Aside from that known fact, let’s say you’re a freed slave. You ain’t got a dime, no home and no where to go. A forced reality, and the basic need of survival, will force many to do what they do best, and what they’ve always done; work for Mr. Charlie for less than nothing. Slavery was not just about brutal bondage, it’s about controlling the mind of the man. So, although I do not know exactly what Sergio was hinting at, I know there are several negroes that want nothing to do with our “REAL” past history, for a plethora of reasons.

Look at how “Black History Month” has been watered down to “name a few important negroes”…. the safe negroes. And, on a related noted, we all know there are many black faces that turn white when the white man gets upset. “Lordy lordy, bettah not make him angry, he’s might not like “us” no mo”

“But boss man, I’s not like the rest of those colored fellas!”

“Is that right Leon, you’re black aren’t you!?”

Having said all of that, I can’t say I am in any hurry to see another documentary or read another book on slavery. Really, what would be my purpose? Anything a man would do to a pig, a cow and two pit bulls, is the treatment given to slaves; chattel to be used and abused, breed and sold. What am I going to gain by watching another day in the life of some evil white people? Heck, to be truthful, I’d rather see a documentary on the new slave. Watch out now, I am getting ready to go somewhere.

Yeah, you know, those slaves that are trying to look just like Betty Crocker… with long silky hair, that makes many of them look like damn fools, who’s wearing someone else’s hair. And those that are in a hurry to distance themselves from anything “black” which forces them to live in “his” neighborhood” and drive a car like “his”, which puts them smack dab on the new plantation of DEBT…. up to their ying-yang. Oh yeah, I’d pay big dollars to see our real history, and all it’s ugliness. Slavery, to a large degree, is in the mind.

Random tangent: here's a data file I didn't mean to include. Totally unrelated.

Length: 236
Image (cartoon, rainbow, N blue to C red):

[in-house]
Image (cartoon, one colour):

I think Lynn, Terry and Miles have all nailed it. I am in total agreement.

Miles Ellison

If Confederate Civil War battles, secession celebrations or other “lost cause” romanticism were being reenacted, would there have been a problem?

Terry Bellamy

Acknowledging one’s History and Culture is essential! The feelings of “White Guilt” or “Black Shame” no longer enter the picture… to deny your history… is to deny yourself… of who you are… and where you’re going! It turns your power over to something… or someone else… that is no longer acceptable.


Making a film about slavery in Alabama and white people get upset? I mean really. Why should anyone be surprised by the reaction?

And I’ll bet it isn’t just white people in the town who are upset about this


It sounds very interesting PBS showcases a lot of informative programs. I don’t see anything wrong with this documentary.

I think people don’t want to be reminded about America’s history. They want to forget the past and leave it as the past. People never complain when Jews have documentaries or reenactments about the Holocaust.

Why should Black people just move on and simply “forget” about their past? “We are a quiet, small town, and I don’t want this to cause controversy,” The mayor needs to be schooled i hope he watches the documentary when it airs .


Purchased the book over a year ago but haven’t gotten around to reading it yet because of the other books I’m still working my way through. Finished “Burried in the Bitter Waters” not too long ago and wanted to give myself a break from non-fiction accounts of the black struggle in the 20th century American South. Look forward to reading this book though.


One of the books on my reading list. Hope the documentary can get good publicity when it’s done b/c this is a very important part of Black history and U.S. history that doesn’t get much attention.


I was looking at the website for this yesterday. Interesting and something nobody talks about.